Tight hamstrings muscles are a common problem among athletes and non-athletes. Our lifestyles mean we often sit too much, hunching over at the desk or in the traffic.  This causes bad posture: rounded back, head forward, slouchy shoulders, tilted hips. The entire kinetic chain is connected and if some elements are too short or too weak, it will throw off the entire kinetic chain, causing issues such as tight hamstrings.

We know that shortened and tight hamstrings often cause lower back pain that is common knowledge. But did you know that tight hamstrings can also cause problems in your feet, such as plantar fasciitis

Massage your feet!

No,I am not crazy!  It’s true. Every muscle in your body is connected to other tissues and these connections are called “tissue trains” according to Thomas Myers and his amazing Anatomy Trains: Myofascial Meridians for Manual and Movement Therapists.

Your hamstrings are directly connected to the soles of your feet and to see this in depth if you take a look at the Superficial Back line, you can see this originating from under your toes to just above the eyes.

The beauty of this, is if you release anywhere along that line you will see a noticeable difference in the range of movement within it.  So if you are frustrated with your tight hamstrings and nothing seems to help, try it from a different angle: from the bottom of your feet. When you massage the soles of your feet, you loosen the starting point of the back connective tissue train that runs all the way up your back body to the crown of your head.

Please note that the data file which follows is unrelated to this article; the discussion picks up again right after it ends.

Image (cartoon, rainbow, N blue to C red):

Massage and Roll Your Feet

 Using a massage ball 


  • * Place one foot on the ball and put as much pressure as you can handle. It can be uncomfortable in the beginning.
  • * Start rolling around on that ball, at a speed on 1 inch per second.  When you reach a painful spot (trigger point), stop on it, breathe deeply for 20 – 30 seconds until the pain dissolves.
  • * Apply more pressure as your tissue gets looser and healthier.
  • * To really isolate and seek out any troublesome areas, Roll under your toes, under your front foot, then work yourself on the entire sole toward the heel.
  • * The longer you roll the more release you will feel.

For more information on how to use our products, go to our website www.live-on-the-edge.com